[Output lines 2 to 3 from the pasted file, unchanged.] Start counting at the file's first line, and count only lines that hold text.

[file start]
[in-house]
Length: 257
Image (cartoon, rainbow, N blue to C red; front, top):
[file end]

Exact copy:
Length: 257
Image (cartoon, rainbow, N blue to C red; front, top):